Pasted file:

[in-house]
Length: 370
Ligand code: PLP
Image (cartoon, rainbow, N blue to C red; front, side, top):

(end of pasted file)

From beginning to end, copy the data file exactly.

[in-house]
Length: 370
Ligand code: PLP
Image (cartoon, rainbow, N blue to C red; front, side, top):